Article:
Bezos will become the company’s executive chairman. In a blog post to employees, he said he plans to focus on new products and early initiatives being developed at Amazon.
Buy now, pay later firms will come under FCA regulation
Buy now, pay later credit agreements will be regulated by the Financial Conduct Authority following a surge in shoppers turning to such products during the pandemic.
The agreements, provided by firms such as Klarna and Clearpay, allow shoppers to spread purchase costs interest-free at the checkout.
They have been criticised for potentially encouraging people to spend more than they had planned and getting into debts that they cannot comfortably pay back.
Almost £1bn in rates paid despite holiday
Embattled retail landlords and shops have handed over almost £1bn to English councils in business rates since the onset of the pandemic – despite the current rates holiday, according to new figures.
The government launched a business rates break at the start of the pandemic which wrote off the property tax bills of retail, leisure and hospitality sites for the 2020/21 financial year.
However, the holiday did not cover properties which were vacant, leaving some landlords with bills still to pay. The exclusion of empty sites has left retail property owners with £924m in tax liabilities to pay for the current financial year.
Moonpig shares surge on £1.2bn stock market debut
Online greetings card firm Moonpig has made a robust start to life as a listed company as shares surged in its £1.2bn stock market debut.
The group confirmed the price of its initial public offering at 350p a share – the top end of its range – but the stock surged by more than a quarter as conditional dealings kicked off, with shares opening as high as 450p.
Unconditional trading will begin on February 5. Moonpig placed £491.2m of shares on the market – around 41 per cent of the group – raising gross proceeds of £20m.
Equity markets make gains as Reddit rally loses steam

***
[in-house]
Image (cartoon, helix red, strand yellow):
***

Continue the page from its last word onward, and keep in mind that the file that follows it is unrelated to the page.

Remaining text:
Global markets lifted yesterday as the Reddit-led market rally ground to a halt.
Major traders took control as GameStop shares sank, with trading calm and focus on President Biden’s stimulus plan helping to drive US and European markets firmly into the black.
The FTSE 100 closed 50.23 points, or 0.78 per cent, higher at 6,516.65 at the close of play. The German Dax was 1.48 per cent higher and the French Cac moved 1.86 per cent higher.
Motorists paid £130m in Congestion Charge fines in 12 months
Transport for London raked in up to £130m in fines in one year as drivers failed to pay for the Congestion Charge on time.
In the 12 months to September 2020, TfL also earned £52m from people paying the Charge correctly, making a combined income of £182m.
However, this could indicate that TfL’s revenues from the Congestion Charge have been massively impacted by the pandemic, which saw fees suspended between late March and late June to make key worker travel easier during the first lockdown.
More snow around
The BBC says today, rain, sleet and snow will persist in the north. In the far south, rain will move eastwards in the morning, clearing by the afternoon. Elsewhere, there will be a mix of sunny spells and showers.
Tonight, hill snow will persist in southern and central Scotland and northern England, but it will turn largely clear in the far south and far north. Rain in Northern Ireland later on.
Tomorrow will see snow continue in the north, possibly falling to lower levels in places, and rain pushing in from the east. Elsewhere will be drier, but with some showers in the far south.